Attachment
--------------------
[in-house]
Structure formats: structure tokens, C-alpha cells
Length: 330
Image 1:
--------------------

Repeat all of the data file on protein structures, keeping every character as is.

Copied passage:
[in-house]
Structure formats: structure tokens, C-alpha cells
Length: 330
Image 1: